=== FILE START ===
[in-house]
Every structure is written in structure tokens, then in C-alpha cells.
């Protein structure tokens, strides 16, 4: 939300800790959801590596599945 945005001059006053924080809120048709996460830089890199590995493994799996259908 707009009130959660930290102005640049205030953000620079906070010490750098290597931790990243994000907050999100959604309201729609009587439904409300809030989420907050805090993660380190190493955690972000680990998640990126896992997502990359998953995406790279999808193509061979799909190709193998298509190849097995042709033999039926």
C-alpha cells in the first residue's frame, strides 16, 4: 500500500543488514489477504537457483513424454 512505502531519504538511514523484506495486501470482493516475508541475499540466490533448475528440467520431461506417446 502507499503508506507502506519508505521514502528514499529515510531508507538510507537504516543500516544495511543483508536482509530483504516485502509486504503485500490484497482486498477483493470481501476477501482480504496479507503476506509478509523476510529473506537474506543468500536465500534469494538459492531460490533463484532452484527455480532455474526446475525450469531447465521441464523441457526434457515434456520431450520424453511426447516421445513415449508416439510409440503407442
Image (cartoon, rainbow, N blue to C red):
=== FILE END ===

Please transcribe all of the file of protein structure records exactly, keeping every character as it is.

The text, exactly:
[in-house]
Every structure is written in structure tokens, then in C-alpha cells.
């Protein structure tokens, strides 16, 4: 939300800790959801590596599945 945005001059006053924080809120048709996460830089890199590995493994799996259908 707009009130959660930290102005640049205030953000620079906070010490750098290597931790990243994000907050999100959604309201729609009587439904409300809030989420907050805090993660380190190493955690972000680990998640990126896992997502990359998953995406790279999808193509061979799909190709193998298509190849097995042709033999039926």
C-alpha cells in the first residue's frame, strides 16, 4: 500500500543488514489477504537457483513424454 512505502531519504538511514523484506495486501470482493516475508541475499540466490533448475528440467520431461506417446 502507499503508506507502506519508505521514502528514499529515510531508507538510507537504516543500516544495511543483508536482509530483504516485502509486504503485500490484497482486498477483493470481501476477501482480504496479507503476506509478509523476510529473506537474506543468500536465500534469494538459492531460490533463484532452484527455480532455474526446475525450469531447465521441464523441457526434457515434456520431450520424453511426447516421445513415449508416439510409440503407442
Image (cartoon, rainbow, N blue to C red):